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From the fountain in the Square Gabriel Pierné I began walking along rue de Seine accompanied by the sound of building work taking place on the left hand side of the street close to N° 25. I stopped to have a look at N° 25 because this is where Charles Ogier de Batz de Castelmore, Comte d’Artagnan once lived. Born around 1611, d’Artagnan served Louis XIV as captain of the Musketeers of the Guard. He died in 1673 at the Siege of Maastricht in the Franco-Dutch War. A fictionalised account of his life by Gatien de Courtilz de Sandras formed the basis for the d’Artagnan Romances of Alexandre Dumas, perhaps the most famous of which is The Three Musketeers.

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Next door, at N° 27, is the former home of the French poet, Charles Pierre Baudelaire.

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Two doors further along, at N° 31, a plaque above the door reveals that Amantine Lucile Aurore Dupin, later Baroness Dudevant, best known by her pseudonym George Sand once lived here.  George Sand was a French novelist but she he is equally well-known for her much publicised romantic affairs with a number of well-known people including Frédéric Chopin.

Some time later, the American dancer, artist, poet and philosopher Raymond Duncan, brother of the dancer Isadora Duncan, also lived here.

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Across the street, N° 26 is now a boutique but in 1618 it was opened as the cabaret, Au petit Maure.  On 29th December 1661, the poet, libetine, soldier and diplomat, Marc-Antoine Girard de Saint-Amant died here.

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N° 39, now the Hôtel Prince de Condé, was once home to the French engineer and physicist, Claude-Louis Navier, best known for being one half of the Navier–Stokes equations, which everyone knows (everyone except me that is, I had to look it up!) give a description of the velocity of a fluid at a given point in space and time.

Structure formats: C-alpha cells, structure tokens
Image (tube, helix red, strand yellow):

And with that nugget of information under my belt I needed a drink and where better than the Café La Palette.

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Now a monument historique, the Café La Palette dates from the 1930’s. It has always been associated with artists – Cezanne, Picasso and Braque were frequent visitors, and it’s a favourite haunt of students from the prestigious art school, l’Ecole Nationale Supérieure des Beaux-Arts, which is close by.

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Rue de Seine from Rue de Buci

If you know what to look for, rue de Seine is a feast of history and that history continues as we walk beyond La Palette where rue de Seine crosses the Saint-Germain-des-Prés area. Once the haunt of intellectuals and revolutionaries and now a favourite tourist spot, this is the world of Jean-Paul Marat and Georges Danton, Jean-Paul Sartre, Simone de Beauvoir, and Juliette Gréco.

Crossing rue de Buci, but on this day too late to enjoy the wonderful street market, my soundwalk takes us up to and across the busy Boulevard Saint-Germain passing cafés and delicious food shops on the way.

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Rue Saint-Sulpice – the southern end of rue de Seine